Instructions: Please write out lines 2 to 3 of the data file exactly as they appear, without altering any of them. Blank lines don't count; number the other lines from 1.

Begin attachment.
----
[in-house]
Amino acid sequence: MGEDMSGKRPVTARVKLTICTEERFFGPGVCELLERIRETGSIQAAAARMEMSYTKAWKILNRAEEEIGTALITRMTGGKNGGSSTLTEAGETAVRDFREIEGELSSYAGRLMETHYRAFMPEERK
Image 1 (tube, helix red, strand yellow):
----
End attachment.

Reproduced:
Amino acid sequence: MGEDMSGKRPVTARVKLTICTEERFFGPGVCELLERIRETGSIQAAAARMEMSYTKAWKILNRAEEEIGTALITRMTGGKNGGSSTLTEAGETAVRDFREIEGELSSYAGRLMETHYRAFMPEERK
Image 1 (tube, helix red, strand yellow):